"Sol Prendido" for Borderland Beat
With threatening phone calls, burned passenger vans and at least three drivers shot to death, street gangs most closely associated with Central America are imposing their style of terror-based extortion on public transport drivers in southern Mexico.
Organized crime organizations, including rival gangs Mara Salvatrucha and Barrio 18, have long been present in the Mexico-Guatemala border zone, but Mexican authorities say their numbers have increased over the past year as El Salvador has cracked down on gang members and their criminal activities.
Drivers of passenger vans and cabs, on whom people depend for transportation in Chiapas, a largely rural state, say they live in fear for their livelihoods or their lives. They have reacted in alarm, staging temporary work stoppages to get the attention of the authorities. The owner of a transport company in Tapachula has begun to move around accompanied by bodyguards.
Some admit that they have made payments to the extortionists, after seeing what has happened to those who have not.
"If we don't do anything we are going to be a small Salvador," said a drivers' leader in the town of Huixtla, where a driver was shot by two men on a motorcycle last February. The man requested anonymity for fear of gang reprisals.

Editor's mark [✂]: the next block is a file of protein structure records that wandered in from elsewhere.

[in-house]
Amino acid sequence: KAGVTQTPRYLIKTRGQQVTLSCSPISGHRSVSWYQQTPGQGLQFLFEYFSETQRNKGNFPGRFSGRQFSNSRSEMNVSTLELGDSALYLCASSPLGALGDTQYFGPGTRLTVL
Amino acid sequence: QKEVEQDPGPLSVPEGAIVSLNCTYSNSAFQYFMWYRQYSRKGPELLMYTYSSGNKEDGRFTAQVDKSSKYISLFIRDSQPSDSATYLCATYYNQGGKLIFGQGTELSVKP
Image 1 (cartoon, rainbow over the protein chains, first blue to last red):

Several drivers in Huixtla showed vouchers to The Associated Press documenting the payments, dated up to a year ago.
In general, the extortion begins with someone getting into the vehicle and handing a cell phone to the driver, sometimes while pointing a gun to the driver's head. Drivers are instructed to hand the phone to the owner of the vehicle, van or cab, establishing a direct line of communication.
Then the threats begin.
Callers demonstrate to the owners that they already know who they are, where they live, their routines and their livelihoods, according to recordings reviewed by the AP. With distinctly Central American accents, Salvadoran slang and vulgarities, they initially ask for $50 and then $50 a month for each van or cab, explained a representative of the drivers in Tapachula, who also requested anonymity out of fear.
The most recent attack occurred on Monday, when an unidentified man fired shots at the local transport terminal in Cacahoatán. No one was injured, but the bullets hit a parked van, causing drivers to suspend their service. The attacker fled with another man on a motorcycle. Days earlier, a van was set on fire in the same municipality.
Local authorities formed a special anti-gang task force and stationed police at public transport stations. The Mexican army last month deployed 350 additional soldiers in communities along the border with Guatemala.
"The intention is to support the civilian population's call to decrease homicides linked to organized crime and the level of violence that has been on the rise in recent days," said Angel Banda Lozoya, commander of the local army regiment.
But drivers still feel exposed, as they make frequent stops on long rural routes, so the army cannot easily eliminate a threat that arrives unseen through threatening calls and messages.
Chiapas' state prosecutor for migration issues, Jose Mateo Martinez, says El Salvador's crackdown on organized crime explains the increased activity of these gangs in Mexico. "People come to hide from this, but leaders also come to establish themselves, to create a criminal group here," he explained.